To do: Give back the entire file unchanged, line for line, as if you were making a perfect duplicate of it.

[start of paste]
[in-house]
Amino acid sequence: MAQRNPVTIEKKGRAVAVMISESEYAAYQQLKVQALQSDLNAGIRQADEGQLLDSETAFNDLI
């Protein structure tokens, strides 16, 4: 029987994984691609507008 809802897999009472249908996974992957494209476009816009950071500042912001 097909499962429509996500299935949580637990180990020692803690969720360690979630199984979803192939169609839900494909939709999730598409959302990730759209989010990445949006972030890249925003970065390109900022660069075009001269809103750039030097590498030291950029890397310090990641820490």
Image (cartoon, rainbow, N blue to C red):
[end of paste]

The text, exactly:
[in-house]
Amino acid sequence: MAQRNPVTIEKKGRAVAVMISESEYAAYQQLKVQALQSDLNAGIRQADEGQLLDSETAFNDLI
């Protein structure tokens, strides 16, 4: 029987994984691609507008 809802897999009472249908996974992957494209476009816009950071500042912001 097909499962429509996500299935949580637990180990020692803690969720360690979630199984979803192939169609839900494909939709999730598409959302990730759209989010990445949006972030890249925003970065390109900022660069075009001269809103750039030097590498030291950029890397310090990641820490």
Image (cartoon, rainbow, N blue to C red):